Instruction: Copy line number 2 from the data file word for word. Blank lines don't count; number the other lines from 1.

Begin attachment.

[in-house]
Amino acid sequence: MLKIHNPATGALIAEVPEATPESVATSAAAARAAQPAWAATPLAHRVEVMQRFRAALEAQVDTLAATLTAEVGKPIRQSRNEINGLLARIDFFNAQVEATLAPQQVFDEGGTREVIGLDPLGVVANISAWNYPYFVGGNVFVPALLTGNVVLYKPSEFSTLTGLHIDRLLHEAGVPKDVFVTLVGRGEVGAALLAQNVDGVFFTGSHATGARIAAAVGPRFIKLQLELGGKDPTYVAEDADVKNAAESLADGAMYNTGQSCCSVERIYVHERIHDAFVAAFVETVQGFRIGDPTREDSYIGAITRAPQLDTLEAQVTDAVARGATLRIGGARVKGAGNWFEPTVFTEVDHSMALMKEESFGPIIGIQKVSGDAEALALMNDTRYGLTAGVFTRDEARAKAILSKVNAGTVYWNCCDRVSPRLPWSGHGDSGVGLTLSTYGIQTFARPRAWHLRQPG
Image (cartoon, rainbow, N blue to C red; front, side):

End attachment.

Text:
Amino acid sequence: MLKIHNPATGALIAEVPEATPESVATSAAAARAAQPAWAATPLAHRVEVMQRFRAALEAQVDTLAATLTAEVGKPIRQSRNEINGLLARIDFFNAQVEATLAPQQVFDEGGTREVIGLDPLGVVANISAWNYPYFVGGNVFVPALLTGNVVLYKPSEFSTLTGLHIDRLLHEAGVPKDVFVTLVGRGEVGAALLAQNVDGVFFTGSHATGARIAAAVGPRFIKLQLELGGKDPTYVAEDADVKNAAESLADGAMYNTGQSCCSVERIYVHERIHDAFVAAFVETVQGFRIGDPTREDSYIGAITRAPQLDTLEAQVTDAVARGATLRIGGARVKGAGNWFEPTVFTEVDHSMALMKEESFGPIIGIQKVSGDAEALALMNDTRYGLTAGVFTRDEARAKAILSKVNAGTVYWNCCDRVSPRLPWSGHGDSGVGLTLSTYGIQTFARPRAWHLRQPG